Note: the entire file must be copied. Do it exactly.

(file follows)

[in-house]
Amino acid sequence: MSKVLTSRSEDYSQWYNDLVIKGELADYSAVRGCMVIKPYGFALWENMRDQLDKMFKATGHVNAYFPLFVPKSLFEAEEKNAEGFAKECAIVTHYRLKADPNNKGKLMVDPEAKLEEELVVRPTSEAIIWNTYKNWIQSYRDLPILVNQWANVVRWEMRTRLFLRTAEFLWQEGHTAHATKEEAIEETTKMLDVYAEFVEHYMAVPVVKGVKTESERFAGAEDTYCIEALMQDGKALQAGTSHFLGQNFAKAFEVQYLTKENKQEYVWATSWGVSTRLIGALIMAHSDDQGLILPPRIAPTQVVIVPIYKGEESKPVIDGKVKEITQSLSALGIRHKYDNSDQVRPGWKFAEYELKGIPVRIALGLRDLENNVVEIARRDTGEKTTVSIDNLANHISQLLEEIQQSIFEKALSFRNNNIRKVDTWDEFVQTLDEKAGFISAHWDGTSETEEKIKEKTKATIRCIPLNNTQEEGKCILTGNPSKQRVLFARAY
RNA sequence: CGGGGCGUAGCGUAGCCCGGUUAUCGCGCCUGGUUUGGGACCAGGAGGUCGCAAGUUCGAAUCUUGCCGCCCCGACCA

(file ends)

[in-house]
Amino acid sequence: MSKVLTSRSEDYSQWYNDLVIKGELADYSAVRGCMVIKPYGFALWENMRDQLDKMFKATGHVNAYFPLFVPKSLFEAEEKNAEGFAKECAIVTHYRLKADPNNKGKLMVDPEAKLEEELVVRPTSEAIIWNTYKNWIQSYRDLPILVNQWANVVRWEMRTRLFLRTAEFLWQEGHTAHATKEEAIEETTKMLDVYAEFVEHYMAVPVVKGVKTESERFAGAEDTYCIEALMQDGKALQAGTSHFLGQNFAKAFEVQYLTKENKQEYVWATSWGVSTRLIGALIMAHSDDQGLILPPRIAPTQVVIVPIYKGEESKPVIDGKVKEITQSLSALGIRHKYDNSDQVRPGWKFAEYELKGIPVRIALGLRDLENNVVEIARRDTGEKTTVSIDNLANHISQLLEEIQQSIFEKALSFRNNNIRKVDTWDEFVQTLDEKAGFISAHWDGTSETEEKIKEKTKATIRCIPLNNTQEEGKCILTGNPSKQRVLFARAY
RNA sequence: CGGGGCGUAGCGUAGCCCGGUUAUCGCGCCUGGUUUGGGACCAGGAGGUCGCAAGUUCGAAUCUUGCCGCCCCGACCA